How a Case Proceeds to Dependency Court

An attorney working in San Diego, Terry Chucas represents parents and children in dependency court appeals. Terry Chucas has been working as an attorney for over three decades and has handled thousands of cases with hundreds of trial appearances.

Typically, abuse and neglect cases that end up in the dependency court start with a reported concern. Reports that a child is being neglected or abused are investigated by a social worker, who interviews the child and other people involved in the report. The social worker can choose one of several courses of action.

If no evidence of abuse is found, the social worker can decide to take no action. If necessary, the social worker connects the parents with free services to help them raise their children more effectively and safely.

Alternately, the social worker may choose to leave the child in the care of the parents and file a petition with the court. The court then opens a case to protect the child.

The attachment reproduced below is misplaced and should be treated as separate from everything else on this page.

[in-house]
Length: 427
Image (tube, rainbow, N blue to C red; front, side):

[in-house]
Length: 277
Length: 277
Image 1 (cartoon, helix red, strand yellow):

In extreme cases, the social worker decides to remove the child from the parents’ care immediately. The social worker places the child with another relative or in a foster home and files a petition with the court to open a case to protect the child.

Types of Hearings in Dependency Court

Terry Chucas of San Diego possesses decades of experience as a family attorney. Selected for the Dependency Appellate Panel for the Fourth District Court of Appeal (San Diego), Terry Chucas represents parents and children in dependency court appeals.

In dependency court proceedings, there are three common types of hearings. Detention court hearings happen when children are removed from their parents. At the hearing, the judge decides if it is safe for the children to go back into the care of their parents until the next hearing.

In a jurisdictional hearing, the judge hears the allegations against a parent whose child has been removed. If the judge determines that the child is unsafe with his or her parents, the child will become a dependent of the court.

In a dispositional hearing, a judge determines what, if anything, a parent needs to do to improve conditions for his or her child. Dispositional hearings are sometimes a part of the jurisdictional hearing.

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